During the last 18 months the word ‘unprecedented’ has become ubiquitous and, arguably, overused in many contexts. There are, however, good reasons why its application to the car industry, both globally and locally, is well justified.
The pandemic has had a tumultuous impact on both the supply and demand side of the industry and throughout the value chain. Supply of new vehicles has been crippled by shortages of aluminium, steel, rubber and many plastics, as producers closed plants during lockdown periods and have, in many cases, encountered difficulties in ramping production back up due to staff being forced to isolate. On top of this, the industry has discovered its new Achilles heel; vehicles so heavily reliant on processing power that they are literally immobilised by the scarcity of semi-conductor chips, caused by similar disruption to supply chains and the boom in demand for consumer electronics during COVID restrictions.
At the same time, increasing consumer confidence, unexpected access to cash from savings made during lockdowns, low cost of credit and caution around the return to public transport have worked together to create a robust bubble of demand which the paucity of new vehicle supply simply cannot hope to meet.
The inevitable outcome of this has been rocketing demand for nearly new and used vehicles, with commentators predicting sales volumes of around eight million units for 2021 as a whole. Such has been the gap between supply and demand that some late model used cars are being valued above the new car RRP. Older vehicle prices have also seen significant upward pressure with Autotrader reporting 87 variants achieving 80% or more of their new RRP after two years.
Throw into this mix the customer newly comfortable with the concept of researching and making major purchases online and it’s easy to understand why some dealerships are struggling to keep pace with the new environment and how gaps in competencies can become dangerously exposed.
One thing that has been highlighted by these issues, both individually and collectively, is the strategic importance of effective retailer stock management, from acquisition to the conclusion of the sales process.
With nearly new and used car prices under significant inflationary pressure (CAP HPI report 3.1% increase in values during July 2021, marking five months of growth) due to the shortage of new vehicle supply, keeping abreast of trade and retail prices is paramount in maintaining both competitiveness and dealer margins.
And, while traditionally there has been a perceived ceiling in nearly new values, as a certain percentage of the new car price, this is currently being challenged, with a range of nearly new vehicles trading at higher than RRP. With manufacturers beginning to openly discuss the imminent possibility of new car price rises, any nearly new ceiling price that does exist could also be inflated.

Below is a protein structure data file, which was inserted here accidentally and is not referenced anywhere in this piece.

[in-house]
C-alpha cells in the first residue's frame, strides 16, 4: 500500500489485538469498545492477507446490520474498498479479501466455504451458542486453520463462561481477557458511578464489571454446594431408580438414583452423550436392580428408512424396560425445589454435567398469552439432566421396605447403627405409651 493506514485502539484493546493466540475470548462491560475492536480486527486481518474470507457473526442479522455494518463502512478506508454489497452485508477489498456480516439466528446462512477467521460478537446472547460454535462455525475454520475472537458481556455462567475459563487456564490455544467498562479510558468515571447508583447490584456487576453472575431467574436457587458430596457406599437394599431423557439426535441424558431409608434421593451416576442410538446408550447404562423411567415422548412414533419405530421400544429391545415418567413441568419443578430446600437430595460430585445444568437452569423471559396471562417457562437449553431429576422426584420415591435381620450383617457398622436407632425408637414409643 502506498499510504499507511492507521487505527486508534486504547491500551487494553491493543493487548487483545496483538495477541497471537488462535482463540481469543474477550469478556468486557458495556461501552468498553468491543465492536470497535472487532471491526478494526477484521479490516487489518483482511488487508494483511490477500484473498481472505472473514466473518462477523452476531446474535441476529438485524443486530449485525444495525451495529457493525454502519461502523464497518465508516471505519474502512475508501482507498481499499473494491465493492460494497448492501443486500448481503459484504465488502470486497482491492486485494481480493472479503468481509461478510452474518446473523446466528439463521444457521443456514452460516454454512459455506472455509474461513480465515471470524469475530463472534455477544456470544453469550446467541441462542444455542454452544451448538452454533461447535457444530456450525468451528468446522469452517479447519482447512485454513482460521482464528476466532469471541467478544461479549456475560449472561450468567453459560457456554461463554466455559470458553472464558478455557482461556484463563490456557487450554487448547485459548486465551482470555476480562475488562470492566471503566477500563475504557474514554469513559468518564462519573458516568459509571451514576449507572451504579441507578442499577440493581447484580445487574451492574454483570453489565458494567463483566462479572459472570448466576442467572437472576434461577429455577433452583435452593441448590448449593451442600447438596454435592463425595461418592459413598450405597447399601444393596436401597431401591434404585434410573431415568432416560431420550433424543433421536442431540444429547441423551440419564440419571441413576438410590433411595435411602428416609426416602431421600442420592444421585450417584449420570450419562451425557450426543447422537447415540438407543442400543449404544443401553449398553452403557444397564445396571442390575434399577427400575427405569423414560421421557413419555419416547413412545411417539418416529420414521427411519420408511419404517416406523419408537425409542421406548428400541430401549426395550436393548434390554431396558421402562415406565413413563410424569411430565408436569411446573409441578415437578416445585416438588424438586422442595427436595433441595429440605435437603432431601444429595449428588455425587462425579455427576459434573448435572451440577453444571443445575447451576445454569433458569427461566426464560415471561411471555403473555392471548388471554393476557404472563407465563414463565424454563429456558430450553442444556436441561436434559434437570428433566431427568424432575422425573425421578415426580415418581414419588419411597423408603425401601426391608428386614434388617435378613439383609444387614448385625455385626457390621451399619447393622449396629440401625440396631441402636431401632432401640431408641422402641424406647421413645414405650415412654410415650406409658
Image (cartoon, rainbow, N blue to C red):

It is arguable that in such a rapidly changing and uncertain environment a daily review of market valuations against stock pricing is required. In practice, this can be extremely challenging to maintain and requires deep insight into the balance between trade and retail prices and the inevitable lag in movement between the two.
What is practicable, for dealerships with good management practices and strong stock MI, is to maintain a clear view of the acquisition price of every vehicle in stock and the price achieved at point of sale. Analysis of this data will help to highlight deficiencies in vehicle selection, poor sales practices and threats to business margins.
It’s clear that the current situation in the used car market is not going to last forever and that manufacturers are sure to ramp up supply of new vehicles as soon as parts supply and other economic considerations allow. That being said, it seems that the rapid pace of change in the industry is here to stay, with the megatrends of electrification, automation, connectivity and new ‘usership’ models all taking effect in the coming years.
Systemised stock management has a keystone role in so many dealership processes and management decisions. Any business seeking to maintain sales effectiveness, margins and customer satisfaction simply must get this right.
How CheckVentory Audit Can Help
CheckVentory Audit’s cloud and app-based solution delivers a group-wide view of the whole vehicle inventory on a continual basis, while consolidating data-feeds from multiple sources to give a complete and validated appraisal of your portfolio.
This level of insight enables a more proactive approach to stock management; maximising sales opportunities and allowing better-informed management decisions. It also provides invaluable input for governance and compliance requirements, as well as helping to secure lines of credit by building greater trust and collaboration with funders.
If you’d like to speak to an expert about transforming the way that you manage your vehicle inventory, please get in touch – or you can read more and book your demo on the CheckVentory Audit Dealer page here.